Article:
In the same year, the Japan Space Agencydemonstrated the possibility of using solar sails for interplanetary travel. The test apparatus was attached to the board of the Venusian probe "Akatsuki". A solar-powered device called IKAROS was discovered in space by a probe when it was 7 million kilometers from Earth. Six months later, IKAROS successfully flew past Venus.
Solar sails became possible thanks to the revolution in the field of electronics.
The thing is that the solar sail projectis a kind of hostage to Newton’s second law of motion: force is equal to mass times acceleration. The power of sunlight is constant, so to achieve high acceleration you will need low mass.
“25-30 years ago, electronics was notso easy, says Johnson. - It was impossible to imagine the construction of a sufficiently small spacecraft that would not need a huge sail. With the advent of smartphones and the miniaturization of components, now we can make a really light and small spacecraft, which means it will need a sail of a reasonable size. "
Johnson cites CubeSat as an example - miniaturedice satellites built from "ready-to-use" technologies. The NEA Scout will be a CubeSat the size of a shoe box that a 86-square-foot solar sail will push. m
Despite its modest size, the probe is packedenough tools to conduct extensive research on the 1991 VG asteroid, photographing and measuring the chemical composition, size and movement of the object.
NASA sees in such intelligence an important first step towardsfuture manned missions to asteroids. If an astronaut is about to explore the surface of a cosmic rock, NASA wants to be sure that it is spinning in a slow and predictable way, and not spinning around in different directions. Similarly, the space agency wants to know in advance whether the asteroid is solid or represented by a pile of stones held by gravity.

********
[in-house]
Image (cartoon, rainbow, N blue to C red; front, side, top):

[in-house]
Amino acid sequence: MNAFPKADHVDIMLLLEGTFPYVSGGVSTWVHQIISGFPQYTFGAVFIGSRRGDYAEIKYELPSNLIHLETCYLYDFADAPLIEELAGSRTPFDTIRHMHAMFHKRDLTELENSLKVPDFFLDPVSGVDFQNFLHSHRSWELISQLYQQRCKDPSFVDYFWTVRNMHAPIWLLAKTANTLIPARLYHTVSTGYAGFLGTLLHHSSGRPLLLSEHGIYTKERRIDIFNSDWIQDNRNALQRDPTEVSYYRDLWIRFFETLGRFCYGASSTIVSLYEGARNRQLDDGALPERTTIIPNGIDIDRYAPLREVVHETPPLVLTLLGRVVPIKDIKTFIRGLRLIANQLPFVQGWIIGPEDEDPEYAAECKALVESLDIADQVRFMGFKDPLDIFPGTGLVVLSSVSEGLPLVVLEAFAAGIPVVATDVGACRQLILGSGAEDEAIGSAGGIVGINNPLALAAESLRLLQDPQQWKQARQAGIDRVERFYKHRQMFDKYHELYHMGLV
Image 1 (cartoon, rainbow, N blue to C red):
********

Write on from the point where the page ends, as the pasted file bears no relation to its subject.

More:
During its mission, NEA Scout will implement bothat least one slow approach at close range - its speed will drop to 10 meters per second, and the device will pass half a kilometer from the surface of the asteroid. This indicates another advantage of solar sails: they are very maneuverable, sometimes even superior to traditional methods of movement.
The key to sail control - be it the Atlanticocean or space - lies in the creation of asymmetric thrust. There are many different ways to create it using the celestial equivalents of masts and rigging. IKAROS has an electro-optical coating that darkens when voltage is applied, absorbing light rather than reflecting it. It is thus possible to “tune” part of the sail so that it receives half the sun than the other, and deploy the apparatus.